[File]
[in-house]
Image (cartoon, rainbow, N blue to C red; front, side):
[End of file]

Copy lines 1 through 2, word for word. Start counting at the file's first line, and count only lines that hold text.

[in-house]
Image (cartoon, rainbow, N blue to C red; front, side):